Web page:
NAIROBI, Kenya, Mar 25 – President Uhuru Kenyatta has signed an executive order requiring all parastatal board members to be recruited using criteria set out in a new code of governance for State corporations titled Mwongozo.
The criteria is meant to address the problem of bloated parastatal boards, ensure efficient running of State corporations and to avoid conflict of interests where board members bid for tenders in their own corporations.
State House Spokesperson Manoah Esipisu on Wednesday said all existing parastatal board vacancies would now be filled using this criteria which also seeks to avoid overlapping in the roles of parastatal CEOs and board secretaries.
“It gives criteria for appointments and reappointments to boards as well as removals, rewards and sanctions and performance management,” Esipisu said.
The newly adopted criteria for parastatal board appointments requires that they be composed of between seven and nine members at least one member be an expert in financial management.
“Meaning that he or she is a bona-fide member of a professional body regulating the accountancy profession,” the guidelines stipulate.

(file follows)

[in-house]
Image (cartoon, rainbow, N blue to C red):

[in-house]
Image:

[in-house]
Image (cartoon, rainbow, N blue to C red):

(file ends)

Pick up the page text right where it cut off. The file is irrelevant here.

The guidelines also require that at least a third of the board members be “independent” meaning they neither work for the national nor county governments and are not suppliers of the state corporation to which they’ve been appointed.
The board members are to serve for terms no longer than six years should they be re-appointed and three should they not.
The new guidelines for State corporation governance were presented to President Uhuru Kenyatta on Wednesday by the committee formed to implement the recommendations of the Presidential Taskforce on Parastatal Reform.
President Kenyatta also signed a legal notice, on the recommendation of the committee, transferring the regulatory function of the Kenya Film Commission to the Film Classification Board, “leaving the KFC to focus on promotion and development,” Esipisu said.
He also addressed the subject of food security at a press briefing on Wednesday saying that the government had imported adequate reserves following insufficient rain in the second half of 2014.
On the subject of the continued training of British soldiers in Kenya, he simply said that the matter was discussed during the British Foreign Secretary Philip Hammond’s visit to Kenya and was still under discussion.